If there’s one thing that can be said about Apple, it’s that the company operates on its own timeline. It does what it pleases at whatever time suits it, and the customers appear. Actually, they don’t simply appear, they wait expectantly and move as one when asked. This has proven to be enormously profitable for Apple and quite satisfying for most of its customers. But the one area where this has not worked so well is security.
This week has been the perfect example of how things have gone sideways for Apple on security. In the space of two days, the company has pushed out a new version of iTunes, a new version of iOS for the iPhone and iPad, and a new version of Mac OS X. Each of these releases included a huge number of security updates, some of which are critical fixes for problems that had been identified weeks or months earlier. For example, iOS 5, released on Wednesday after much anticipation, included 95 security updates. One of these was a fix that removed the DigiNotar root certificates from the list of trusted roots on iOS, something that all of the major browser vendors–including Apple–had done weeks earlier in their desktop versions due to the seriousness of the compromise of the DigiNotar CA infrastructure. But the company wasn’t able to get an iOS update out to fix the problem until this week, more than a month after the first news of the DigiNotar attack came out.
Similarly, Apple used this week’s massive updates for most of its devices to fix several dozen known vulnerabilities in the WebKit framework on which Safari is based. Many of the bugs in the framework were serious memory corruption vulnerabilities that could lead to remote code execution. That doesn’t include the variety of other vulnerabilities in components of iOS, iTunes and OS X that the company patched in the various applications.
What became clear in all of the mess this week is that it’s time for Apple to join the modern world and set up a regular patch schedule. Whether it’s a monthly release the way that Microsoft does it, or a somewhat less-frequent schedule, maybe every other month, doesn’t matter much. What’s important is that Apple give its users some idea of when they can expect security fixes for existing problems.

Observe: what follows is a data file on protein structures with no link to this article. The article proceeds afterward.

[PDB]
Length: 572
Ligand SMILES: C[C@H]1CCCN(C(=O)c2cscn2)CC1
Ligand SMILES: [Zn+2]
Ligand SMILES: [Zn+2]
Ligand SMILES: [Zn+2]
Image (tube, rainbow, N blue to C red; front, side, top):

The issue isn’t just that Apple doesn’t have a predictable schedule for releasing patches, although that’s a big part of it. What’s just as problematic is the company’s almost complete lack of communication on security issues. When a major issue such as the DigiNotar compromise or the BEAST SSL attack arises, many of the large software makers affected will put out some kind of statement, blog post or other message letting users know that they’re aware of the problem and are working on a fix or workaround. Microsoft, Adobe, Mozilla and others have established processes for doing this and it’s rare now that customers are left wondering whether one of these companies is aware of a given problem and when a patch might be available. It’s become a given that the communication will occur, and usually fairly quickly.
Apple doesn’t do any of this. Perhaps this is simply an extension of Apple’s legendary secrecy and reticence about virtually every aspect of the company’s operations. It’s likely that there is less information available about Apple than any other publicly traded company in the country. It’s the flip side of the Google default-open attitude. Being closemouthed about your product and marketing plans is often a shrewd move, especially in today’s ultra-competitive atmosphere. But that kind of posture doesn’t do users any favors when they’re looking for information on how to keep themselves safe from ongoing attacks. It just leaves them adrift without any clear answers.
As a result of its radio silence, Apple also lacks a clear voice on security. It has never had a public spokesman or security lead who has taken on the task of making it clear what the company’s thoughts and stances are on various security issues. Instead, it remains on the periphery of the community and does none of the outreach that other large companies do.
The odd thing about Apple’s lack of communication and haphazard patching schedule is that it really wouldn’t take much effort to fix it. The simplest thing the company could do right now is to just set up a security blog and post updates on known vulnerabilities and when customers can expect a fix. Of course, that would require that Apple also establish a schedule for fixes, but that’s not hard either. Even if it were a quarterly schedule, that predictability would be a major step forward. Right now, users have to comb through long knowledge base articles buried in the support section of Apple’s site in order to find information on security content in any software update. Those updates arrive at random intervals, and as Apple’s user base continues to expand in the enterprise, this lack of a schedule becomes less workable.
Enterprise adoption of Macs and iPhones makes security for these devices a high priority, and just as pressure from large customers helped push Microsoft down the path to Trustworthy Computing years ago, perhaps it will take some plain talk from some of Apple’s more important customers to get the ball rolling there. However it happens, it needs to happen soon. Because right now Apple’s customers are being kept in the dark on security, and that’s just not good enough anymore.